The dollar dropped on Tuesday to its lowest in more than three months, weighed down on the first trading day of 2018 by expectations of a slower pace of interest rate increases by the Federal Reserve amid a tepid U.S. inflation picture.
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The dollar’s decline extended its underperformance in 2017, which saw the greenback post its weakest annual performance in 14 years.
“Investors remain skeptical about the Fed’s outlook for three additional interest rate increases this year, especially given the extremely benign inflation backdrop in the U.S.,” said Omer Esiner, chief market analyst, at Commonwealth Foreign Exchange in Washington.
The dollar’s upside was also capped, as major central banks such as the Bank of England and European Central Bank are moving toward normalizing their own monetary policies.
The dollar index hit a 3-1/2-month trough of 91.751 and was last down 0.3 percent at 91.887 . For 2017, the dollar index slid more than 9.8 percent, its weakest since 2003.
“Any further drop below 91.00 would confirm a continuation of the dollar’s bearish trend from the beginning of 2017, with the next major downside target around the 90.00 psychological support level,” said James Chen, head of research at Forex.com in Bedminster, New Jersey.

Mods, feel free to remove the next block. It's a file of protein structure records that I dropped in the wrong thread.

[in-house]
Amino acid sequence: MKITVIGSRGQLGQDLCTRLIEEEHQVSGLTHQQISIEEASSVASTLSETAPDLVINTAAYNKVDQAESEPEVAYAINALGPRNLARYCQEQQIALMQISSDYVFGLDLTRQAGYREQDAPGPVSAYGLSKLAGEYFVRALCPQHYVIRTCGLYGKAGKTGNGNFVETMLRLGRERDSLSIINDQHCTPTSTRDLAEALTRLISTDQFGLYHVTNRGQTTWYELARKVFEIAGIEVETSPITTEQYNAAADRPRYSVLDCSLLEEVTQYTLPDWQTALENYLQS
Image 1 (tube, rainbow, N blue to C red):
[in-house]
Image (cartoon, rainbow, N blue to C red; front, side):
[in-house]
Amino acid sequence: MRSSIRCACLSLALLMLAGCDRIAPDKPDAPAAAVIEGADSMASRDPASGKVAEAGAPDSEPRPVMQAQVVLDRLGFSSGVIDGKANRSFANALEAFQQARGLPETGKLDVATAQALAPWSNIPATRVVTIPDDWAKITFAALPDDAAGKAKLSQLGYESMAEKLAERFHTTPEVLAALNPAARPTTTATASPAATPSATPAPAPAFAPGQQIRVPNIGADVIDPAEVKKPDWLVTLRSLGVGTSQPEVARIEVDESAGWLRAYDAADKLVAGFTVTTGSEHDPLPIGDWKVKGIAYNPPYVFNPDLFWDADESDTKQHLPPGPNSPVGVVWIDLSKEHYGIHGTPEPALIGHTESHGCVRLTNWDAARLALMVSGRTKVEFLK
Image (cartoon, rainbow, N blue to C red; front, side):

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The euro, meanwhile, has been on a tear especially since the second half of last year on optimism over a brightening euro zone economic picture.
In 2017, the euro had its strongest yearly showing against the dollar since 2003 as European economies strengthened and expectations grew the ECB will wind down monetary stimulus.
The euro rose to start the new year, climbing to a nearly four-month high of $1.2082. It was last up 0.3 percent at $1.2049.
Euro zone manufacturers ended 2017 by ramping up activity at the fastest pace in more than two decades, a survey showed on Tuesday, and rising demand suggests they will start the new year on a high.
Also boosting the euro was a comment from an ECB official over the weekend. The ECB’s Benoit Coeure said he saw a “reasonable chance” the bank’s bond purchases would not be extended beyond September.
Against the yen, the dollar fell 0.4 percent to 112.32. The yen continues to benefit from last week’s release of the Bank of Japan’s minutes of its meeting.
The minutes showed some members are considering tightening monetary policy if the economy continues to improve next year, which would be a significant shift in strategy for a central bank thought to be the last to exit easier monetary policies.